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Histogram Equalization Histogram equalization is a technique for adjusting image i ntensities to enhance contrast. Let be a given image represented as a by matrix of integer pixel intensities ranging from 0 to 1. is the number of possible intensity values, often 256. Let denote the normalized histogram of with a bin for each possible intensity. So number of pixels with intensity total number of pixels = 0 , ..., L The histogram equalized image will be deﬁned by i,j = ﬂoor(( 1) i,j =0 (1) where ﬂoor() rounds down to the nearest integer. This is equi valent to transforming the pixel intensities, , of by the function ) = ﬂoor(( 1) =0 The motivation for this transformation comes from thinking of the intensities of and as continuous random variables on [0 , L 1] with deﬁned by ) = ( 1) dx, (2) where is the probability density function of is the cumulative distributive function of multiplied by ( 1). Assume for simplicity that is diﬀerentiable and invertible. It can then be shown that deﬁned by ) is uniformly distributed on [0 , L 1], namely that ) = dz = probability that 0 = probability that 0 dw dy dz ) = )) dy ))

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original image 100 200 0.1 0.2 0.3 original histogram transformed image 100 200 0.1 0.2 0.3 transformed histogram Figure 1: Histogram equalization applied to low contrast im age Note that dy )) = dy = 1, so dT dx dy )) = ( 1) )) dy )) = 1 which means ) = Our discrete histogram is an approximation of ) and the transformation in Equation 1 approximates the one in Equation 2. While the discrete vers ion won’t result in exactly ﬂat histograms, it will ﬂatten them and in doing so enhance th e contrast in the image. The result of applying Equation 1 to the elvis low contrast.bmp test image is shown in Figure 1. MATLAB: To test the accompanying code, hist eq.m, type g = hist_eq(’elvis_low_contrast.bmp’); Histogram equalization is also built into MATLAB. Type

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help histeq to see how it works. Question: What happens if Equation 1 is applied twice? Reference: R. C. Gonzalez and R. E. Woods Digital Image Processing , Third Edition, 2008.

Let be a given image represented as a by matrix of integer pixel intensities ranging from 0 to 1 is the number of possible intensity values often 256 Let denote the normalized histogram of with a bin for each possible intensity So number of pixels w ID: 22043

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Page 1

Histogram Equalization Histogram equalization is a technique for adjusting image i ntensities to enhance contrast. Let be a given image represented as a by matrix of integer pixel intensities ranging from 0 to 1. is the number of possible intensity values, often 256. Let denote the normalized histogram of with a bin for each possible intensity. So number of pixels with intensity total number of pixels = 0 , ..., L The histogram equalized image will be deﬁned by i,j = ﬂoor(( 1) i,j =0 (1) where ﬂoor() rounds down to the nearest integer. This is equi valent to transforming the pixel intensities, , of by the function ) = ﬂoor(( 1) =0 The motivation for this transformation comes from thinking of the intensities of and as continuous random variables on [0 , L 1] with deﬁned by ) = ( 1) dx, (2) where is the probability density function of is the cumulative distributive function of multiplied by ( 1). Assume for simplicity that is diﬀerentiable and invertible. It can then be shown that deﬁned by ) is uniformly distributed on [0 , L 1], namely that ) = dz = probability that 0 = probability that 0 dw dy dz ) = )) dy ))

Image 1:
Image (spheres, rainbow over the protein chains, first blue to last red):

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original image 100 200 0.1 0.2 0.3 original histogram transformed image 100 200 0.1 0.2 0.3 transformed histogram Figure 1: Histogram equalization applied to low contrast im age Note that dy )) = dy = 1, so dT dx dy )) = ( 1) )) dy )) = 1 which means ) = Our discrete histogram is an approximation of ) and the transformation in Equation 1 approximates the one in Equation 2. While the discrete vers ion won’t result in exactly ﬂat histograms, it will ﬂatten them and in doing so enhance th e contrast in the image. The result of applying Equation 1 to the elvis low contrast.bmp test image is shown in Figure 1. MATLAB: To test the accompanying code, hist eq.m, type g = hist_eq(’elvis_low_contrast.bmp’); Histogram equalization is also built into MATLAB. Type

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help histeq to see how it works. Question: What happens if Equation 1 is applied twice? Reference: R. C. Gonzalez and R. E. Woods Digital Image Processing , Third Edition, 2008.

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